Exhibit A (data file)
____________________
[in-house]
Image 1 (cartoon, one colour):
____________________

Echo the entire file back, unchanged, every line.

[in-house]
Image 1 (cartoon, one colour):